Friday, January 01, 2010

Cornfield, II

Ansonia, Pennsylvania

These two cornfields are an example of a funny phenomenon I run into from time to time. I can go quite a distance without finding anything that inspires me to set up one of the big cameras, but when I do find subjects that say "take my picture," there often seem to be several in a cluster. Even stranger, when I've found something to shoot, I've learned to turn around and look exactly the other way. It's surprising how often something is there, too. This picture was made by picking up the tripod after the picture in yesterday's post, and carrying it across the narrow paved road to make a picture facing west instead of east.


Markus Spring said...

Two overwhelming (for me) images of something really mundane. After some comparison I find this one even more convincing: it really takes you into the midst of the scene, no barriers or bounds.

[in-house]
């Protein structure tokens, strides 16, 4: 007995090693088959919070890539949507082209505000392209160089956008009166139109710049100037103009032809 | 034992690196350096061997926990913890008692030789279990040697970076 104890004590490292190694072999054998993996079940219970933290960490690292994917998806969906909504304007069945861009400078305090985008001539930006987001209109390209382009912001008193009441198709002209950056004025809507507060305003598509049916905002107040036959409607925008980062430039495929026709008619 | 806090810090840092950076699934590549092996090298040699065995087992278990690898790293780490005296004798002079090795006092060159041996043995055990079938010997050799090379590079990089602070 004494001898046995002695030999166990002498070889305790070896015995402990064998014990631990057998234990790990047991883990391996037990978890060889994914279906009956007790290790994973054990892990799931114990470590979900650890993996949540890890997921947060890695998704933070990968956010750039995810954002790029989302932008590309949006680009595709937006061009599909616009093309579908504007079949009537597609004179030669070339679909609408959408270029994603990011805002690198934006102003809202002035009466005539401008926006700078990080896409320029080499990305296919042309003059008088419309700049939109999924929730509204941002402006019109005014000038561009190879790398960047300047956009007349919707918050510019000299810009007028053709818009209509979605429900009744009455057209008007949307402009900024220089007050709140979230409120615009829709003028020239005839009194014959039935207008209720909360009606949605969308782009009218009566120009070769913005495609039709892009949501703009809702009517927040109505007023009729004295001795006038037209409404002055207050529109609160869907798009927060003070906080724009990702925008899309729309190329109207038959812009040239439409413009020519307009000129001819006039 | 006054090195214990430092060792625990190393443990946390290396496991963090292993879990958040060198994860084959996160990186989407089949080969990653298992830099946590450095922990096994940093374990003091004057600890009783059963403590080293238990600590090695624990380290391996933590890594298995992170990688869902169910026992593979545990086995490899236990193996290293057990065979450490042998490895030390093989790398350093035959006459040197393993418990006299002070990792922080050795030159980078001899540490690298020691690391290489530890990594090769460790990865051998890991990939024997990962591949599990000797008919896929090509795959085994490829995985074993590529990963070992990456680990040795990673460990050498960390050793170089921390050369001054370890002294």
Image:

And the rendering of the plant details is just amazing. My idea was to blame the 7x17 format for it, but on the screen a pixel should be a pixel - so there is probably some scanning and postprocessing magic added.

Carl said...

Thank you, Markus. I don't think there's anything magic in my scanning or postprocessing. It *is* important that I used a lot of "tilt" (aim the camera steeply down into the scene and then return the back to vertical) to set the focus plane to reach from the nearest foreground plants out to the hazy horizon.

The only "trick" is that I scan As Positive because I've yet to find a scanner than understands the density range of b&w negatives (vastly greater than color negatives that scanners all seem to expect, even in grayscale). I keep all the negative tones well away from both ends of the histogram in a 16-bit grayscale scan. After Inverting the tones, in both these cases a single Layers Adjustment Level was sufficient to get what I wanted, though it takes very delicate point-at-a-time balancing of the center and right sliders to get the misty distant view rendered well. No magic, just careful craft.